Another popular media theory (though not as well known as the previous theories mentioned) is his idea of “hot and “cold” media. In McLuhan’s eyes, all media is classified as “hot” or “cold”; referring to the various sensory effects connected with “high-definition” and “low-definition”, where he adopts the terminology used within television. Like the name would suggest, “high-definition” media are sharp and detailed images and audio, including photographs, movies, lectures, print, letters of the alphabet, and radio, otherwise known as “hot” media as these supply us with large amounts of information, leaving us with little to do as they do the talking, we simply listen. Furthermore, “Low-definition”, or “cool”, media are forms that are ill defined; these include cartoons & sketches, television, telephone, and speech. With these media we are granted a rather small amount of information in comparison, making us have to investigate what is visible, then fill in the gaps so we can fully understand the media.
McLuhan puts forward the concept of our physical senses and perceptions being associated with media; “cool” media are high in participation where as “hot” media are low. When referring to participation McLuhan isn’t only talking about our intellectual involvement, but instead to how engaged our physical senses are with different mediums.
When creating my Icon book I went through six logical steps to develop it:
1. Look at current Icon books – this would gain me a basic understanding along the lines of what I have to produce, looking upon the style and structure that the books use, the content they hold, and the illustrations that demonstrate theories appropriately.
2. Look at contemporary examples of Icon books, or similar, that illustrates ideas and images in their own style, rather than following the in house design style of the Icon book series.
3. Roughly plan the content of my own Icon book – here I would choose my theorist, apply relevant biographical and historical context, look upon their core theories which I would illustrate accordingly, then choosing what and how I’d illustrate the imagistic qualities of the Icon book.
4. Planning the textual content of the Icon book – for this I used Microsoft Word, this would allow for easy application of text into Adobe InDesign when the designing process began.
5. Reading through the text I’d use, gaining ideas of what kind of images I’d use to represent my theorist and their theories, then actually creating them using photo manipulation techniques.
6. Finalising the Icon book treatment – here I would plan where the images and text would sit within the final document, treating the typography, image size and location, finally exporting the document.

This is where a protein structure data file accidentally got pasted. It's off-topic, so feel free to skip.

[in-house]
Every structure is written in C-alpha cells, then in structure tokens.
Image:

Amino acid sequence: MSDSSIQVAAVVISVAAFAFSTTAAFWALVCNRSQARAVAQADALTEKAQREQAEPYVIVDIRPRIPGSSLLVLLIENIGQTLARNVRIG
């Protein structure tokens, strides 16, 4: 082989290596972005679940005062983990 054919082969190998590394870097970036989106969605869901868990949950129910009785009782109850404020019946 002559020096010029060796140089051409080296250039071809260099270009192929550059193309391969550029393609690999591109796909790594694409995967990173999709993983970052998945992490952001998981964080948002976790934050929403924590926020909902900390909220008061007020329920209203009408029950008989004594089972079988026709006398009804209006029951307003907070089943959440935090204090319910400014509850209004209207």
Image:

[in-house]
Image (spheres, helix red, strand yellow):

The front page of my Icon book shows Marshall McLuhan’s portrait within an old television screen, abstracted by heavy white noise and television distortion, as well as the SMPTE colour bars test screen which would appear in a previous generation of television broadcasting. This is all a play on the general occupation of McLuhan, being a media theorist, as well as his theory of “The Medium is the Message”, where in this case McLuhan is the message. McLuhan’s name as the title is textured with television noise also, to further the media aspect of his work.
The second and third pages focus on his core theory “The medium is the message”. The second page playfully illustrates McLuhan’s idea of the extensions of man. I display these extensions in a witty literal sense, also displaying how we focus those particular sense and activities toward those mediums. The wheel is an extension of the foot, the computer is an extension to the central nervous system, and the radio is an extension of our ears, where I’ve utilised a portrait of McLuhan in his younger years. The textual image occupying the majority of the third page is another portrait of McLuhan, created using the words “THE MEDIUM IS THE MESSAGE”. I chose to do this to play on the idea of content, mediums within mediums, and so on, by repeating the quote over and over. The cyclist simply illustrates the idea of amputations while an extension is in use; here the cyclist’s legs are occupied by the moving of the bike pedals. To clearly demonstrate this concept I reduced the opacity of the cyclist’s legs so you are able to see straight through them, then adding a stroked red line along the edges of his legs to illustrate them being amputated, or in use, therefore losing the ability to use them for any other function.
Page 4 moves onto the theory of the “Global Village”, the image shows Indians waving a fire emanating from the logo of the Internet browser Firefox that is producing the smoky words “GLOBAL VILLAGE”, with an Earth made from human figures in the background. This is referring to the smoke signaling (being the first form of contact at distances by the Indians) effect that broadcast technologies have, but I use it in a more contemporary context, doing so with the Internet. I use the Firefox logo for the evident reason that it is made of fire, but also that it encircles the Earth in its grasp. The smoke produced from this fire creates the name of the theories’ title.
The final page quite clearly shows the “hot” and “cold” media theory. The name of the theory instantly brings to mind the feelings of hot and cold senses, the result of this brought me to simply showing various hot/high-definition and cool/low-definition media on fire and frozen. The final two images situated at the bottom of the page illustrate high and low definition media, shown by the simple means of a photograph, and a cartoonised sketch of the same photo.